Tuesday, May 15, 2012

Nicaragua. Part 2. (of 2)

 We worked most of the time we were in Nicaragua.  But we left a couple of hours early on our last full day in the office and headed out to do a few tourist activities.  We were in Tipitapa (where the factory was located) and we headed to Mombacho Volcano Natural Park.  Mombacho is an extinct volcano that is now overgrown with vegetation, 50 species of mammals, 174 species of birds, 30 of reptiles and 750 species of flora.  In order to reach to top of Mombacho, you had to have a 4x4 vehicle (we were in a Jeep) and they even checked to make sure that we had enough fuel!  It was a challenging climb up to the top, at times the road was at least 45 degrees. On the way up we heard monkeys (unfortunately, didn't see any), saw lots of butterflies, flowers and birds, as well as some coffee plantations.  The view from the top was amazing!  These pictures do not do the view justice.  It was cool and breezy (a welcome change from the 100 degree heat!) and you could see Granada and Lake Nicaragua from the top.  

This is what got us to the top of the volcano!

Peering into the volcano.  
The view!

On the way down, we stopped at a local coffee plantation's shop for some coffee.  I'm saving my purchase for my coffee loving mom and her husband, but it smells amazing!  After we surpassed the difficult terrain, it started to get dark.  It was impossible to take pictures of this, but the fireflies started to appear.  There were  millions in the fields!  I can't even express how beautiful it was. I have always loved and been mesmerized by fireflies and seeing this many in one place, is something I will never forget!   Simply magical.

A Nicaraguan sunset.
From Mombacho, we headed to Granada.  (About 10 km away.)  Unfortunately, it was at night time and rather dark, but I could still see how charming this town was!  It's the oldest european-founded city in Central America (founded in 1524) and the 2nd oldest city in Central America!  We visited the Cathedral of Granada.  It was a night, so I only have pictures of the inside, it was so beautiful!  I love color and this church had a lot of it.  

Beautiful tile floor.  

After visiting the church, we stopped for a quick dinner before heading back to Managua.  We had an early flight in the morning.  Here are a few pictures of the street, around the square.  

Granada, Nicaragua at Sunset

I read about Nicaragua before traveling there.  I read that it was a frustrating, bewildering and most difficult to navigate location in Central America.  While that may be true, it was so much more than that.  Beautiful landscapes, beatiful people.  This is what I will remember.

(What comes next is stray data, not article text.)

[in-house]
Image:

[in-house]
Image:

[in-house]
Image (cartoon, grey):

Sunday, May 13, 2012

Nicaragua. Part 1.

I'm back!  From Nicaragua!  I went there for work and that part went really well.  But I thought I would write about the more interesting part, the experience.  Traveling in and of itself is the best education.  It's how you learn that the way you live isn't the only way to live.  I went to Managua (population 1.5 million), the capital of Nicaragua.  It was once a fishing village and had been devastated twice by earthquakes, the first time in 1931 and more recently in -1972, killing 10,000 people.  Only recently has the city began to re-emerge.  Industry is coming there-manufacturing, bringing work for the people.  As you might imagine, there is a lot of poverty.  But among the poverty, there are rain forests and lakes-beauty all around.  The people are kind, loving and funny!  (What great senses of humor!)  These people are laid back.  From a business perspective, irritatingly so.  They say, "If you can do it tomorrow, why do it today?" So with that, here are some pictures from my Nicaraguan adventure!

 View from my hotel room.
 Statues were in the center of each roundabout.
 The local brew.  A few of these helped you forget how hot it really was.  (Triple digits each day.)
 Karaoke is a beloved pastime in Nicaragua.  (There are karaoke bars everywhere!)  Here, two of my Nicaraguan colleagues join in a duet!
 Another statue in the middle of a roundabout.
 Viva la revolution!  There was some political unrest, graffiti like this, everywhere.
 This was one of the only street signs I saw.  We went to Tipitapa each day-that's where the factory was.  No one really observed any traffic laws.  Maniacs on the road!
 A typical house.  It's unfortunate that we don't see more teal houses in the US!  I loved the iron work and color.  
 A typical restaurant.  Open air.  Brightly painted.  Disturbingly slow service!
 This was my typical meal all week.  Chicken, rice, salad, plantains.
 This is a native fruit, I can't remember what it was called.  The fruit was delicious!  Papaya and white pineapple!

 Roundabout statue.
 A lot of people tooled around in these little vehicles.
I'll write later this week about a visit to Mombacho and Granata!  I am thankful for safe travels and for the United States!!